Not all level 2 driver assists are equal, IIHS finds after testing

(Source: arstechnica.com)

Not all adaptive cruise control and lane keeping systems are created equal. That should be obvious, but in case it isn’t, recent tests by the Insurance Institute for Highway Safety will serve as proof. On Tuesday, IIHS published the results of some road and track testing with several different makes of vehicle, measuring how well each was able to stay within its lane around corners and up hills.

Further Reading

From Audi to Volvo, most “self-driving” cars use the same hardware“We zeroed in on situations our staff have identified as areas of concern during test drives with Level 2 systems, then used that feedback to develop road and track scenarios to compare vehicles,” said IIHS Senior Research Engineer Jessica Jermakian. By “level 2,” Jermakian means vehicles that are capable of steering, braking, and accelerating for themselves but only with an engaged human driver behind the wheel who is responsible for providing situational awareness.

The vehicles (and advanced driver assistance systems) that IIHS tested were a 2017 BMW 5 Series (Driving Assistant Plus), 2017 Mercedes-Benz E-Class (Drive Pilot), 2018 Tesla Model 3 (Autopilot 8.1), 2016 Tesla Model S (Autopilot 7.1), and 2018 Volvo S90 (Pilot Assist). IIHS notes that each had previously been scored highly for their automatic emergency braking (AEB) systems. A series of track tests was used to establish how each system coped with avoiding collisions with a stationary vehicle, then repeated road testing was conducted to get a sense of real-world behavior in traffic and how well each car maintained position within its lane.

Adaptive cruise control and braking for stationary cars

In the first series of tests, all of the vehicles successfully avoided a collision when confronted with a stationary car while traveling at 31mph, with the Volvo braking the most aggressively, similar to its AEB activation. (Interestingly, both Teslas struck the stationary vehicle in the AEB test.) Encouragingly, all of the vehicles avoided hitting a stationary object when following a lead car that suddenly changed lanes—this exact “cut-out” scenario was flagged as being outside the operational domain for most advanced driver assistance systems (ADAS) in the NHTSA investigation into a fatal 2016 Tesla crash in Florida.

The performance wasn’t quite as good in the real world, unfortunately. IIHS found that, with the exception of the Model 3, each car had occasions when it failed to stop for a stationary vehicle ahead (which is why it’s so important for the human driver to always be paying full attention to the road). The Model 3 actually suffered from the exact opposite problem; instead of false negatives it was sensitive to false positives, unexpectedly slowing on 12 occasions, seven of which were for tree shadows on the road. While that’s probably annoying for the driver, I’ll gladly take a false positive over a false negative under these conditions.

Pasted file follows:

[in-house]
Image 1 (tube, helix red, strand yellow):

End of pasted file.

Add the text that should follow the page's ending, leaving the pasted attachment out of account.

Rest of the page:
Lane keep assist

The five vehicles were also tested to see how well their lane keep assist functions worked on curves with three different radii. Again, the Model 3 stood out: it was the only car to stay within its lane every time the tests were repeated. IIHS noted that the BMW, Volvo, and Mercedes-Benz did not provide “enough steering input on their own to consistently stay in their lane, often requiring the driver to provide additional steering to successfully navigate the curve.”

Real-world driving with curves and hills tripped up all of the vehicles other than the Model 3, as you can see from the table above. BMW’s system appears to be the most flustered by elevation changes, although hills also caused the Model S to stray outside its lane relatively often. However, it’s very important to note that IIHS says it is not ready to start officially consumer rating the performance of these various systems. For that, much more testing is needed.

Further Reading

Why emergency braking systems sometimes hit parked cars and lane dividersWe will certainly welcome it when more of that data becomes available. On several occasions, readers have asked us to put together a group test of different ADAS implementations, but it’s the sort of project that quickly requires a lot of time and resources if you want to do it properly.

Perhaps the best attempt so far was the one conducted by our friend Alex Roy over at The Drive back in 2016. But two years is a long time in this space. Even within a single OEM’s range, it’s possible to find quite different performance between different models, and the older the system, the less capable it is, by and large. In the meantime, whether you drive a Tesla or a Toyota, if you’re going to use adaptive cruise and lane keeping, just remember: it’s always your job to keep your eyes on the road.

More Info: arstechnica.com

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